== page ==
Sunday, 13 January 2013

No.167 : War Witch

The 100 ‘W’ movie blog makes a welcome return to celebrate the many, many ‘W’ films nominated for this year’s Academy awards. We’ll begin with ‘War Witch’ before moving to the lighter charms of ‘Wreck It Ralph’ and then … Well that’s it, but what a haul eh? We showed them ‘Z’ fans - ‘Zero dark Thirty’ and that’s their lot!

‘War Witch’ is nominated in the ‘Best Foreign Language Film’ category and I have to say that it’ll be a good film that beats it - not that I plan to trawl through the ‘W’ initial free Norwegian entry for one.

The film follows the terrible struggles of Komona who lives in a war torn, but unspecified African country. We open with the 14 year old in the late stages of a pregnancy and she relates the trials of her last two years to her unborn child.

We flashback to her as a 12 year old as rebels attack her village and seize several children, including Kamora, to fight their war. As a way of severing her ties with the village they make her machine gun her own parents. She is reluctant at first, but soon lets fly when the parents are threatened with torture. She does come round to the idea quite quickly though, and I have to wonder if the parents regret not getting her that iPad for Christmas.

The rebels soon have the kids trained with AK47s and have them lead raids against government troops. In one early battle Komora is warned of an ambush by some ghosts and is thereafter feted as a ‘war witch’, a rare prize to the superstitious guerrillas. Her new status sees her treatment improve and she soon makes a friend in Magician, a pale skinned lad who makes necklaces and charms that deflect bullets which patently don’t work.

After a brutal battle Magician and Komona escape their warlord boss and after finding the required white cockerel they are married and enjoy a brief period of happiness. Needless to say this is short-lived and before long Komora is back being all witchy and being abused by her commander. Will she be able to escape with only an avocado and a razor blade? Will she find peace and safety and be able to rest the spirits that haunt her? Let’s hope so - I need some cheering up after this!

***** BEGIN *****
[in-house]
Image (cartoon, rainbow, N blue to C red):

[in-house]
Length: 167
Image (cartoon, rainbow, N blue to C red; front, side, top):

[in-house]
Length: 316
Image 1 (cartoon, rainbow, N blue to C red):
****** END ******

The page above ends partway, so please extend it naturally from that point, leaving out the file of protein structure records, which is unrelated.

Despite the grim subject matter and subtitles I really liked this film. It is brutal, but as most of the violence happens off screen it’s your own imagination that fills in the blanks, which is usually worse. The harrowing scenes are more or less relentless, with each chink of light mercilessly snatched away by a gun or machete.

I liked the ‘Sixth Sense’ notion of Komona being able to see dead people and although the corpses looked like they were just a bit sloppy at plastering, it was spooky to see the soldiers on a battlefield being replaced by so many ghosts.

The two leads were great with no obvious acting going on - the pain, grinding poverty and inhumanity was brutally realised and it was almost as big an ordeal to watch as they clearly had making it. There were some brief moments of levity such as them getting drunk on hallucinogenic tree resin but it was all ruined by an engineered car accident to get undeserved compensation - I’m reporting this to the ABI (or local equivalent).

For me this was a brutal and authentic slice of life, and although not enjoyable it certainly kept my interest and delivered a few choice cuts along the way. Ouch!

Best Bit : What do you like in your avacado?

'W' Rating 17/23

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